‘Love, Simon’ breaks barriers of LGBTQ representation – review

Elizabeth Shewan, Staff writer

In “Love, Simon,” the title character’s first words are “I’m just like you.”
This is a sentiment echoed throughout much of “Love, Simon,” a movie about Simon, a senior in high school who deals with family, friends, school and the fact that nobody knows he is gay.
However, true to the movie’s opening line, Simon is a fully developed character, with a life and struggles unrelated to his sexuality.
Therein is the reason “Love, Simon” is such a good movie.
The movie is a coming-of-age story, at times romantic, comedic and dramatic.
Simon has a loving family and close friends, and deals with the pressures of high school, romantic drama and the school musical.
He corresponds with a boy he knows only as Blue, another gay student at his school, and ultimately finds the courage to accept himself and his own sexuality.
Characters on the LGBTQ spectrum are under-represented in all forms of media, and although this has improved somewhat in recent years, “Love, Simon” is among very few mainstream movies to feature a gay main character.
In this, the movie is a novelty, but it also avoids the trite and ultimately homophobic tropes which mainstream media often relies on.
Queer characters, when they exist in mainstream media, are often reduced to stereotypes and are defined solely by their sexuality.
Aside from providing much-needed positive LGBTQ representation, Simon is a fully developed character, which makes him more relatable for any audience member, regardless of sexual orientation.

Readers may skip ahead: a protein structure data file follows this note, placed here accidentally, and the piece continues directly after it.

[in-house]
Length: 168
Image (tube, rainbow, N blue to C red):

Anybody who’s ever been to high school will be able to relate in some way to “Love, Simon.”
The dialogue is witty, the sets are striking and the movie comes across as modern without over-relying on pop culture references.
It elicits a variety of strong emotional responses — joy, sorrow and second-hand embarrassment, while remaining heartfelt and authentic.
Simon’s family and friends are all great characters and are well–portrayed.
Even minor characters such as the drama teacher and the vice principal are enjoyable and contribute in important ways to Simon’s journey towards self-acceptance.
“Love, Simon” is based on the book “Simon vs. the Homo Sapiens Agenda” by Becky Albertalli.
The movie makes changes to the source material, but when it does, it is clearly done for the sake of better portraying the story in movie format, and stays true to the spirit of the original.
In that, it will delight fans of the book and those unfamiliar with it alike.
Ultimately, “Love, Simon” strikes a perfect balance in nearly every aspect, and is a wonderful cinematic contribution to the LGBTQ rights movement.

5/5 stars